Bernard Chabari comes from Kithuri, the clan of the spiritual leader of Tharaka, the Mugwe. Mugwe delivered people of Tharaka from Mbwa to Tharaka, the Promised Land with bees. This is how the bees became Bernard’s totem. He grew up with his father learning from apprenticeship how to take care of bees and to harvest honey traditionally. At childhood, he spent most of his time in the wilderness grazing, hunting and gathering. His family lived very close to his clan’s sacred natural sites at Nkunguru Rock and Irii ya Mwambia. Bernard is born after his grandfather M’Kiguri. He was a traditional medicine man. M’Kiguri was well known for his specialized skills in catching and handling snakes. He wanted to leave behind this skill to his sons. Unfortunately, Bernard’s father was already converted into Christianity. At one point Bernard found himself torn between living a Christian life (because of his newly converted father) and that of his uncles who were practising traditionalists. During his initiation, this paradox came into play. His uncles had to steal him so he could be initiated in the traditional way. While working at the Ministry of Interior and Coordination of National Government in the Department of Immigration, he came together with his longtime friends, Simon Mitambo and Agostine Mwaniki. The three founded the Society for Alternative Learning and Transformation (SALT). Bernard became the founding President / Chairperson of SALT. Bernard holds a Bachelor of Arts degree from Moi University in Political Science and a Masters Degree in Public Policy, and Administration from Kenyatta University.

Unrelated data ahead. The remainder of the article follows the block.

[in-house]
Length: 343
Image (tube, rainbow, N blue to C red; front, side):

A remnant of the aboriginal clan of Tharaka, the Gankuyu, Simon Mitambo is an initiated African leader, whose totem is Leopard. He has undergone many rigorous transformative nature-based rites of passage. Simon is a graduate of Earth Jurisprudence (EJ) Course run by Gaia Foundation, UK. His calling to walk the Earth-centred path initially came as a divination by Mukwarimburi M’Kaiguari. When Simon’s mother went to seek divination after losing the flock of her sheep, Mukwarimburi told her the divination could only see a boy standing by Kiguru sacred natural site in Kijege Mountain. The image of the boy was covering the whole mountain. This divination has come to be the greatest inspiration for Simon in walking the ancestral path. Simon has worked extensively with indigenous and local knowledge systems across Africa and beyond. He has demonstrated the nexus between culture and empowerment. He has showed that indigenous knowledge is innovative and forward thinking. This is contrary to the belief held by many elites and policy makers who think that indigenous knowledge is static. Together with other dreamers, Simon pioneered the formation of Society for Alternative Learning and Transformation, (2013) and the first Earth-centred school in Kenya – The Kithino Learning Centre, (2016). In May 2018, Simon received a Global Influence Award (Lush Spring Prize) in the UK. This was a collective recognition of his work with African Biodiversity Network and partners across Africa in Benin, Kenya, Ethiopia, Ghana, South Africa, Uganda and Zimbabwe. Simon holds a Bachelor of Arts degree from the University of Nairobi. He is undertaking Masters Degree in Public Policy and Administration from Kenyatta University.